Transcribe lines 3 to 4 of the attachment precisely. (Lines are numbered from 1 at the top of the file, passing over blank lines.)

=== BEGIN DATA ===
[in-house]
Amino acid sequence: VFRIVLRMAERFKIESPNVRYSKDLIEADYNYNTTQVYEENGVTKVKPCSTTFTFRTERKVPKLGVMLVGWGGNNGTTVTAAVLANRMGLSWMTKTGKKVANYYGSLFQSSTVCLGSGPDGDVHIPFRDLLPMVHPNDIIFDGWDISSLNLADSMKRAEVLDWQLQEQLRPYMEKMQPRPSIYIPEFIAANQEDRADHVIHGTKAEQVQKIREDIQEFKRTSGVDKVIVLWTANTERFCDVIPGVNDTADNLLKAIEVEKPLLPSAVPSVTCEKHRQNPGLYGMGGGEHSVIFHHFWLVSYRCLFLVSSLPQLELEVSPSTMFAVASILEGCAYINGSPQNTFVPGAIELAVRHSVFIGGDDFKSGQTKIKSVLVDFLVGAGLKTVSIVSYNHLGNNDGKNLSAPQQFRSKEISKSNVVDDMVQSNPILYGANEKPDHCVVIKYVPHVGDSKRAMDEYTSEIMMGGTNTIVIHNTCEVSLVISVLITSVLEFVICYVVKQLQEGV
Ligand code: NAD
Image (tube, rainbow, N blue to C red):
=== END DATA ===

Ligand code: NAD
Image (tube, rainbow, N blue to C red):